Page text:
Mark and his dog Lulu. He is a native New Yorker who was living in Las Vegas when the lockdown shut down all the casinos. He quickly drove to L.A., and days later, L.A. was locked down. Now, he is semi-homeless, living in his van and semi, stuck here for lack of anywhere else to go. Originally a dancer, he has gotten into video and has several cameras for it. He says he will be in L.A. for a while until the rest of the country opens up.
Funny Bone and Scotty. These guys are usually camera shy, especially Funny Bone, but it was early in the morning and when I told them I'd give them $5, their faces lit up.
Arthur in front of the #wegotthisla sign on Beverly Blvd. Arthur usually sleeps on the bench on Fairfax and Beverly. I coaxed him over to this mural for five bucks, so I guess this is something of a series now.
D-Rock Deeds fixes a bike by candlelight. He believes he had the coronavirus before. He describes it as almost dying from an LSD high. He refused to go to the hospital, and after about 10 days, he got it out of his system. However, a week later it came back with a vengeance, completely incapacitating him.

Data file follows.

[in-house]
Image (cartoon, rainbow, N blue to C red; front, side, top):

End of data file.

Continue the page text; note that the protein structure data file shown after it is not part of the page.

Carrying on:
D-Rock with his girlfriend, Kristen, in an abandoned building that Kristen fixed up with furniture she dragged in from the alley. They have a fridge, get their power from the next building and internet from a Coffee Bean across the street. Kristen believes she caught the coronavirus at the same time D-Rock had it. Her illness only lasted a couple of days, and then she was alright. The squat that they are in will be demolished in a few months. They have been on the waiting list for an apartment for several years. They hope with the crisis, the process will be speeded up in time before they must leave.
Nighttime with Steve who parks behind a business on Beverly Blvd. He also believes he caught the coronavirus at one point. He describes being ill with all the symptoms, which were made more painful due to his asthma.
Myisha refuses to go into one of the shelters that are being converted in the various parks. She stays in one of the public bathrooms with all her belongings close to her during the night. She is hoping to get a hotel room through Project Roomkey until her Section 8 comes through.
A discarded facemask over a painted happy face on the street.
Bumdog's cart next to a sign put up by the city warning against touching the crossing signal.
Photo Editor: Chava Sanchez.